After six years as a pro – the first four in Australian domestic teams – and a false start with one of the sport’s too numerous ‘non teams,’ the 23 year-old Victorian has enjoyed a stellar 2011 UK domestic season with Rapha Condor Sharp – winning the Tour Doon Hame (formerly the Girvan three day, and after the Tour of Britain, the UK’s most prestigious stage race) and the UK’s answer to Paris-Roubaix, the East Midlands Classic (also known as The Rutland) and a stage in the UCI ranked Ronde de l’Oise in France.
A happy winner at the Tour Doon Hame.
His reward was a stagiaire place with Bob Stapleton’s ‘mega team’ for the Tour of Utah – but the good news was immediately countered by the bleak announcement that the team had been unable to secure another sponsor and was folding at the end of the season.
Nonetheless, Dempster grabbed the opportunity with both hands as a chance to sample the delights of Pro Tour level racing and to display his talents to a wider audience.
Originally a track rider, Dempster was a multiple Australian junior and U23 champion in races as diverse as the junior points and U23 time trial.
Spent after a hard day of racing at the Tour de Langkawi with the AIS team.
He also won the prestigious Bendigo madison with Mitchell Docker in 2006 whilst also being capable of winning the marathon 299 kilometre Melbourne-Warnambool in 2008 and a stage in the Tour of Japan.
He took time recently to talk to PEZ as he was en route to the UCi 1.2 GP des Marbriers in France (where Rapha team mate Kristian House finished second) about the experience.
PEZ: Utah was your only ride with HTC, Zak?
Zak Dempster: Yes, Utah was a very good experience, I really enjoyed it.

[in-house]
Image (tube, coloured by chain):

It was very different to my usual role as team leader in a Continental team where I can do my own thing – at HTC everything was focussed on Tejay Van Garderen and the contribution we could make for him.
There was a possibility of riding more one day races with HTC but they clashed with the Tour of Britain, which is an important event for our Rapha Condor Sharp team.
PEZ: How did the Utah altitude affect you?
ZD: Pretty hard, but I spent 10 days in Livigno in the Alps before I travelled to Utah – it was good to have that behind me.
I arrived in Salt Lake City before the race – that’s at 1,320 metres; but I think that the altitude was even more of a factor in the Tour of Colorado than Utah.
PEZ: A shock when HTC folded?
ZD: Absolutely, I’d been speaking to them since the spring; I was confident that they’d find another sponsor – it was such a marketable team.
It doesn’t say much for cycling when a team like that can’t get a new sponsor.
PEZ: Tell us about CC Bourgas from Bulgaria.
ZD: I rode for Drapac in 2006 then South Australia in 2007/2008; I went to Bourgas in 2009
I’d been on the Aussie track programme but had been getting good results on the road; Frankie Van Hasebroucke approached me about joining Bourgas – which was actually a Belgian based team.
I was younger then and believed the 100 promises – starting as a Continental team then going to Pro Continental, and all the rest.